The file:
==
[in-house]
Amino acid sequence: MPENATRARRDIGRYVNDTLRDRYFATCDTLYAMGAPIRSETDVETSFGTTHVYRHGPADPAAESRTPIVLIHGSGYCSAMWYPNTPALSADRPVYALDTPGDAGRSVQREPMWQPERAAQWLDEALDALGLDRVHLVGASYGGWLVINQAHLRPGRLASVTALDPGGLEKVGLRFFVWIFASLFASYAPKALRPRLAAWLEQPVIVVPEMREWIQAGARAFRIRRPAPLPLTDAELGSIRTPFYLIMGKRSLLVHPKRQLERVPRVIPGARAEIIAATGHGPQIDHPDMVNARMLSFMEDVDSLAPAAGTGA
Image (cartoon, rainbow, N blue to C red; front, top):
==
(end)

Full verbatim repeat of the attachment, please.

[in-house]
Amino acid sequence: MPENATRARRDIGRYVNDTLRDRYFATCDTLYAMGAPIRSETDVETSFGTTHVYRHGPADPAAESRTPIVLIHGSGYCSAMWYPNTPALSADRPVYALDTPGDAGRSVQREPMWQPERAAQWLDEALDALGLDRVHLVGASYGGWLVINQAHLRPGRLASVTALDPGGLEKVGLRFFVWIFASLFASYAPKALRPRLAAWLEQPVIVVPEMREWIQAGARAFRIRRPAPLPLTDAELGSIRTPFYLIMGKRSLLVHPKRQLERVPRVIPGARAEIIAATGHGPQIDHPDMVNARMLSFMEDVDSLAPAAGTGA
Image (cartoon, rainbow, N blue to C red; front, top):